Categorized | Canadian Politics

Public money ‘shouldn’t pad profits’: Ontario NDP signals shift away from private-sector delivery of services

Posted on 06 June 2018 by admin

The NDP has drawn attention for its pledge to buy back the privatized half of Hydro One, but that’s just one way the party aims to diminish private business in the public sector

TORONTO — The word profit appears often in the Ontario NDP’s election platform, and not in a nice way.

From daycare to home care, nursing homes to winter road maintenance, the party promises to devote government funding solely to not-for-profit providers of public services, signalling a sweeping shift in how government programs are delivered.

The NDP has drawn much attention for its pledge to buy back the privatized half of Hydro One, but that’s just one way the party aims to diminish the role of private business in the public sector.

With less than a week until the June 7 election, polls indicate it is in a tight race for government with the Progressive Conservatives.

As well as largely barring profit-making companies from offering taxpayer-funded services, the NDP is vowing to end the private-public P3 projects often used to build hospitals and other infrastructure, and launch the biggest expansion “ever seen” of non-profit community health centres, an alternative to private doctor’s offices.

Public child care dollars should go to not-for-profit and public providers,” says a typical statement, explaining how New Democrats would spend billions in new daycare funding. “Funds shouldn’t pad the profits of private companies.” The party and its union allies say the shift is justified by research suggesting non-profit organizations usually offer better-quality services than firms driven by the bottom line.

But business groups and at least one academic expert said Thursday that’s not always the case, and that governments should be open to all possibilities.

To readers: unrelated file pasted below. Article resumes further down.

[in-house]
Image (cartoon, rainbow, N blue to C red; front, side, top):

“What is currently in the platform appears to be very ideological,” said Steve Hobbs of the Canadian Council on Public-Private Partnerships. “What would be worrisome … is to rule out an option that has a proven record of success without even looking at the evidence.”

One of the NDP’s most generous pledges is to add 220,000 new daycare spots, at an estimated $3.8-billion cost by 2022. All would be not-for-profit and public, the platform says, though private centres now run about a quarter of government-licensed day-care spaces in Ontario.

A major expansion in long-term-care beds would similarly be focused on non-profit and municipal homes, “where funding goes to patient care instead of profit,” the platform says. And a promised $300-million boost to home care would flow “directly to better care instead of higher profits.”

There is some evidence to support such a thrust.

A 2009 University of British Columbia review concluded non-profit nursing homes deliver better care, while a 2015 University of Ottawa study found residents of for-profit homes were more likely to end up in hospital or die within a year than those in non-profit ones.

But it’s not always so clear-cut.

The NDP platform says it would end P3s, where governments pay contractors to finance and build a project. It claims the auditor general found P3s had cost taxpayers billions more than if the government had borrowed the money and overseen the building itself. But the watchdog actually concluded those higher construction price tags can be more than offset by the lower long-term financial risk that P3s offer taxpayers.

The New Democrats also say they would bring winter road maintenance “back to the public sector,” again citing an auditor’s report. But that 2015 report said reduced maintenance quality was the result of a change that had lessened oversight of contractors and mandated accepting the lowest bid. In fact, outsourcing roadwork started in the 1980s and had worked well before the new system, the auditor suggested.

Dionne Pohler, a professor with the University of Toronto Centre for Industrial Relations and Human Resources, said It’s wrong and unproductive for parties to insist one type of organization has a monopoly on efficiency or quality.

 “Any kind of statement like that is just not backed up by the evidence in all cases,” she said. “Profit can sometimes get in the way of achieving the public or social good, but it doesn’t necessarily have to.”

Fred Hahn, Ontario president of the Canadian Union of Public Employees, argued the academic data does unequivocally show social and health services are best provided by not-for-profits. There is a principle at stake, too, he added.

“Should we make profit on our grandparents in the final years of their lives, should we make profit on our children, because they’re in child care?” asked Hahn. “Should someone actually be making profit on these kinds of services, (on) something as foundational as our hydro system?”

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